School Games: Why KSSSA must abide by the age limit rule

Oscar Otieno of Laiser Hill Academy in past action against Dagoretti High School [Jonah Onyango]

This year will mark another milestone in the history of secondary school sports when Kenyan students make their debut at the International Schools Sports Federation (ISF) World Games set for Jianjing, China.

As the 2020 Term One games begin at sub-county level across the country, this year’s participants will have everything to play for with their eyes fixed on the ultimate prize of grabbing tickets to the global event.

Kenya Secondary Schools Sports Association (KSSSA) Secretary-General David Ngugi said they will be looking to feature in many disciplines and students should prepare well and qualify for the inaugural championships in October.

“We expect improved standards at all levels of competition because there is a bigger prize awaiting the winners. In the past, everyone played to qualify for the East Africa games but there is more this year because they stand to make history as the first Kenyan students to feature at the ISF world games,” Ngugi said.

Ngugi shed light on why Kenya must abide by the under-19 age limit saying they have to stick to the rule, which is also the international standard that will be used to clear participants at both East Africa and World games.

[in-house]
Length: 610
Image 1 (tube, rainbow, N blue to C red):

“The under-19 age cap is in the interest of our students because it is a requirement to compete at the ISF and Federation of East Africa Secondary Schools Sports Association (FEASSSA) organised events,” said Ngugi.

“Just as other national federations adhere to rules by their respective world governing bodies, we are not an exception. For instance, Football Kenya Federation and Athletics Kenya follow the Fifa and World Athletics rules, which enables Kenyan athletes to feature in international events.”

Breaking these rules would automatically deny Kenyans a chance to participate in continental and global events.”

He urged Kenyan students to prepare well for this year’s East Africa games, which will be held in August, in Kakamega.

Meanwhile, KSSSA released pools for this year’s national Term One games to be held in April at Kapsabet Boys and Kapsabet Girls.

Term One games comprise basketball, hockey, rugby 15s, rugby 7s handball, athletics and swimming.

Hosts Rift Valley will field two teams in hockey boys and girls, rugby 15s (boys) and four in rugby 7s to fill in the North Eastern slots because the region doesn’t feature in the two disciplines.

Rift Valley, who were also the 2019 overall champions after dominating both Term One and Term Two games, will be looking to defend the boys’ basketball title won by Laiser Hill Academy, boys’ hockey (St Anthony’s Kitale) girls’ handball (St Joseph’s Kirandich) and athletics.

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